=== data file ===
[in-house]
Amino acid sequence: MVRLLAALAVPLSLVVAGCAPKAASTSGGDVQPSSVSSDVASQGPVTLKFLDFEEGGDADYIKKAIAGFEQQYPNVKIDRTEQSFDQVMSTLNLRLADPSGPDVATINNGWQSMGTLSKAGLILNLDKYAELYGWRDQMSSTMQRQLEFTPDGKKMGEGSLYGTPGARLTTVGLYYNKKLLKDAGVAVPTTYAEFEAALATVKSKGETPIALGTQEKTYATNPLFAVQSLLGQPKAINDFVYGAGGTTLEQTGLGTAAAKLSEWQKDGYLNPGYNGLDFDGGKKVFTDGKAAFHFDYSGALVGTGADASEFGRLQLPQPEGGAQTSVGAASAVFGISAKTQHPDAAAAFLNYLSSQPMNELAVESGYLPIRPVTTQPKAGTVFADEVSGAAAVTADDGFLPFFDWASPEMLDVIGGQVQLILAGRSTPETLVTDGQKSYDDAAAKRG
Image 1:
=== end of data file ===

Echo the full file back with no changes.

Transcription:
[in-house]
Amino acid sequence: MVRLLAALAVPLSLVVAGCAPKAASTSGGDVQPSSVSSDVASQGPVTLKFLDFEEGGDADYIKKAIAGFEQQYPNVKIDRTEQSFDQVMSTLNLRLADPSGPDVATINNGWQSMGTLSKAGLILNLDKYAELYGWRDQMSSTMQRQLEFTPDGKKMGEGSLYGTPGARLTTVGLYYNKKLLKDAGVAVPTTYAEFEAALATVKSKGETPIALGTQEKTYATNPLFAVQSLLGQPKAINDFVYGAGGTTLEQTGLGTAAAKLSEWQKDGYLNPGYNGLDFDGGKKVFTDGKAAFHFDYSGALVGTGADASEFGRLQLPQPEGGAQTSVGAASAVFGISAKTQHPDAAAAFLNYLSSQPMNELAVESGYLPIRPVTTQPKAGTVFADEVSGAAAVTADDGFLPFFDWASPEMLDVIGGQVQLILAGRSTPETLVTDGQKSYDDAAAKRG
Image 1: